Nontypeable Haemophilus influenzae (NTHi) is a leading cause of acute and chronic otitis media, which are a major public health problem worldwide. The persistence of NTHi during chronic and recurrent otitis media infections involves multicellular biofilm communities formed within the middle-ear chamber. Bacterial biofilms resist immune clearance and antibiotic therapy due in part to encasement within a polymeric matrix. In this study, the contribution of biofilms to bacterial persistence in vivo and composition of the NTHi biofilm matrix during experimental otitis media were investigated. The presence of biofilms within the chinchilla middle-ear chamber was significantly correlated with increased bacterial load in middle-ear effusions and tissue. Examination of thin sections revealed polymorphonuclear cells within a DNA lattice containing elastase and histones, which is consistent with the definition of neutrophil extracellular traps. Viable multicellular biofilm communities with biofilm phenotypes were found within the DNA lattice throughout the biofilm. Further, NTHi was resistant to both phagocytic and extracellular neutrophil killing in vitro by means of lipooligosaccharide moieties that promote biofilm formation. These data support the conclusion that NTHi subverts neutrophil extracellular traps to persist in vivo. These data also indicate that a more inclusive definition for biofilms may be warranted.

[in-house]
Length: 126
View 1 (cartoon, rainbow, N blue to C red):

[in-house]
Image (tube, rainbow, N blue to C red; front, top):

Copyright 2009 S. Karger AG, Basel.